Sudden deathBMJ 2004; 328 doi: https://doi.org/10.1136/bmj.328.7438.E275 (Published 26 February 2004) Cite this as: BMJ 2004;328:E275
- Thomas E Kottke, project leader, professor of medicine (email@example.com),
- Lambert A Wu, instructor
- CardioVision 2020, Mayo Clinic College of Medicine Rochester, Minnesota
- Department of Medicine Mayo Clinic College of Medicine Rochester, Minnesota
What can primary care doctors do?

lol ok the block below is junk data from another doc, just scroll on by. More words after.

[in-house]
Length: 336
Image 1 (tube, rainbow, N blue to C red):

There is belief (p 45) that placing automated external defibrillators (AEDs) into the hands of trained first responders and untrained bystanders is the best way to reduce rates of sudden death.1 However, trials conducted by van Alem et al (p 23) and others2 have not succeeded in increasing survival rates. The National Heart, Lung, and Blood Institute-sponsored randomized trial testing the strategy of public access to AEDs was only marginally successful: The average intervention effect …